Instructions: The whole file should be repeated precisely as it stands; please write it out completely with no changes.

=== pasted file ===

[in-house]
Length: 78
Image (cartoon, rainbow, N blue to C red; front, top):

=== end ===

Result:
[in-house]
Length: 78
Image (cartoon, rainbow, N blue to C red; front, top):